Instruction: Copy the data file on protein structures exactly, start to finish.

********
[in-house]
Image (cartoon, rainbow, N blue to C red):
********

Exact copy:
[in-house]
Image (cartoon, rainbow, N blue to C red):